By Alex Stevenson
One of the MPs allegedly put under surveillance by News International has said private investigators tasked with following him must have had a "boring time".
Liberal Democrat Adrian Sanders, a member of the Commons' culture, media and sport committee whose members were allegedly followed around for three days, said MPs should be "proud" for their refusal to be cowed.
"We already knew we were under the spotlight, we'd already been warned they could do us over if they could find anything against us," Mr Sanders told politics.co.uk.
"As far as I can tell, they didn't."
James Murdoch was confronted with allegations of surveillance by Conservative MP Louise Mensch in last week's evidence session. The News International executive chairman apologised to MPs for any surveillance.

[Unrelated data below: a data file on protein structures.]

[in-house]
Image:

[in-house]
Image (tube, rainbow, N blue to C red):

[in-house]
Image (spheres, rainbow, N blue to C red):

Mr Sanders said he was not aware of being followed at any time in 2009, but pitied those who were tasked with the job.
"I do see the funny side - they must have had a very boring time following me around," he laughed.
"If they followed me to my constituency, that's great, they would have spent money in my constituency which is good for my constituency.
Ms Mensch, who was first elected to parliament in 2010, told Sky News that the idea that MPs could have been tailed was "chilling" and "shocking".
But Mr Sanders said he did not take the surveillance personally, adding: "We've got broad backs as politicians - or we ought to have."
Former Daily Mirror editor Roy Greenslade had cited a source at the News of the World who claimed for three days "only six or seven months ago, every single member of the committee investigating this matter were followed by private eyes, and/or staff of the newspaper".